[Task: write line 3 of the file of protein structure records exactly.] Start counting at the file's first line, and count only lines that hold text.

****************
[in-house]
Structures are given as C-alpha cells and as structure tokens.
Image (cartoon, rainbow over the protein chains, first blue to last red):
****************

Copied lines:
Image (cartoon, rainbow over the protein chains, first blue to last red):